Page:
Once thought to be hallucinogenic, absinthe was banned. That absinthe is a hallucinogen is, in fact, an early 20th-century urban myth. Thujone, the supposedly psychoactive ingredient, chemically resembles THC, which causes the "high" in marijuana. But Thujone doesn’t have the same effect on humans.
Absinthe originated in the Jura mountains of Switzerland, but gained popularity and infamy with bohemian artists living in Paris at the turn of the 20th century. Wine was too expensive—insects had decimated two-thirds of Europe’s vines—and absinthe became the working class drink of choice. Not only was it a stronger spirit, but its unique herbal mix reputedly heighten some senses while dulling others. Legendary drunken debauchery ensued, with tales of impressionist painters being led to artistic revelation by "the green fairy," a euphemism for the spirit's effect. Soon the liquor was reviled, blamed for insanity, and outlawed.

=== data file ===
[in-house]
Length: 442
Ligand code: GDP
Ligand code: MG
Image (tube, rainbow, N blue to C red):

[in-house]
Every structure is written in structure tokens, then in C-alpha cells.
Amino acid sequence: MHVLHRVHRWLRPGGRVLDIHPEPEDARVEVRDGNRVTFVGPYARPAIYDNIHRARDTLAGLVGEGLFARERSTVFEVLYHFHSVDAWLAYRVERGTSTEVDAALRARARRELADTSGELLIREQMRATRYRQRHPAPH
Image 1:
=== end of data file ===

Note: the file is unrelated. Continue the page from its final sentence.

Production went underground until 2007, when the American Alcohol and Tobacco Tax and Trade Bureau lifted the ban by clarifying rules governing thujone content in foods and beverages. American distillers, including the Legates, brought the green fairy to life.
The Legates discovered that Artermisia absintheium, grand wormwood, the flavor in distilled absinthe, grew wild on their property. Curious, they sent samples to a Seattle distillery, which reported enthusiastically on the quality of their plants. Soon the Legates were growing and supplying herbs to distillers around the country.